Last fall it was so wonderful to have been given the opportunity to learn about one of our region’s truly great philanthropists – Roger Grein when I helped raise awareness of his contributions. Roger has given to local nonprofits with his resources and his heart. However, his greatest legacy is in the hearts of thousands of young people in whom he and his Magnified Giving team of staff and volunteers have instilled long lasting generosity.
Magnified Giving is a nonprofit organization whose mission it is to educate, inspire, and engage students in philanthropy. Its vision of Magnified Giving is for every high school student in America, starting with the Greater Cincinnati and Northern Kentucky area, to someday have the opportunity to learn first-hand how to be generous and wise philanthropists.
Each year, participating school groups are challenged to determine how they want to invest up to $2000 in a nonprofit. They research, evaluate nonprofit grant applications, fundraise to earn matching dollars – gaining leadership, communication, and teamwork skills as part of the process. This spring in a packed auditorium of over 600 students, teachers, nonprofits, donors, parents, and community leaders, nearly $50,000 was presented to causes doing great work.
“The most rewarding aspect of Magnified Giving is when what we do in the classroom reaches beyond the walls of the school in a tangible way. I see students ‘get it’ when they come back from a site visit,” said Julie Vehorn, director of curriculum and instruction at Roger Bacon High School overseeing her school’s Magnified Giving program.
Aiken College & Career
Cincinnati Country Day
Cincinnati Hills Christian Academy
Miami Valley Christian Academy
Mother of Mercy
Mt. Notre Dame
Notre Dame Academy
Perry High School
School for the Creative and Performing Arts
Summit Country Day
Madeira Middle School
Northern KY Youth Advisory Board
What an unbelievable experience for these Ursuline Academy students – going to Paris! It was part of a pilot Academic Exchange Program with St. Josèph Lycèe in Reims. Seniors Jessie Ewen of Loveland and Brooke Kurkjian of Mason and juniors Julie Ivers of Symmes Township, Katie Polson of Mason, Zenab Saeed of Indian Hill, and Catherine Strietmann of Mount Lookout, were accompanied by Ursuline world languages teacher Lynda Hoffman-Jeep and guidance teacher Katy Zwolinski.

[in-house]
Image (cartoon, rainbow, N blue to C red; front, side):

“The French Exchange Trip was an experience that truly changed my life. I learned that traveling abroad gives you a learning experience that you can never receive through a classroom or in a textbook. It is something totally unique that you cannot understand until you visit the country,” Catherine Strietmann said.
The students spent time with their French host families, whose daughters are part of the pilot academic exchange program and visited Ursuline Academy this past spring. While in Reims they attended classes at St. Josèph Lycèe, and some of them even stayed in the school dorms. The Lycèe attracts two-thirds of its students from Paris and the surrounding countryside, and is a boarding school as well as a day school, Hoffman-Jeep said.
Ursuline will host another group of female students from St. Josèph’s next spring.
It is so wonderful to see young people being encouraged to make a difference in their world. More than 1200 Greater Cincinnati high school students from over 100 schools attended last October’s Anthony Munoz Foundation’ s Youth Leadership Seminar where they were challenged to come up with a community service project to spread kindness. Their ideas made such an impact.
Students at Ursuline Academy already make sandwiches that they donate for distribution through a local shelter and they have a club that knits scarves for those who need warmth. Now, each of those recipients will be getting a ‘love note’ attached to the gift that students made as part of their Youth Leadership Seminar project. It is all about uplifting those who can benefit from nurturing encouragement. I just love it! And by the way, I am told this was totally student driven.
With support from the Mayerson Foundation High School Service-Learning Program, students from nine area Cincinnati high schools helped raise awareness about a child’s walk to school in Tanzania by walking through our downtown.
Teens from Aiken High School, Arlington Heights Academy, Finneytown High School, Gamble Montessori, Lockland High School, McAuley High School, Mt. Healthy High School, Ursuline Academy, and Wyoming High School/Wyoming Youth Services researched the needs in Tanzania through Village Life Outreach Project – a Cincinnati-based non-profit organization that partners with Tanzanian villages to design and implement sustainable projects to fight poverty, provide access to clean water and health care, and improve educational outcomes.
In rural Tanzania, East Africa, students walk nearly six miles to school, which can take up to three hours one way.
It was in 2010, when Wyoming and Finneytown High School students and staff supported the children in Tanzania by creating the “Walk in My Shoes” Challenge – a 5.5 mile walk in Cincinnati from Salway Park to Fountain Square. It was an effort that quickly spread.
Proceeds from the Walk help fund the Village Life Outreach Project Ugi Nutrition Program in Tanzanian schools. Ugi is a nutritious meal that feeds 1,200 Tanzanian students who walk to school per day and would otherwise go malnourished. The total cost to feed all 1,200 primary school children per year equals a daily cost of $0.04 per child.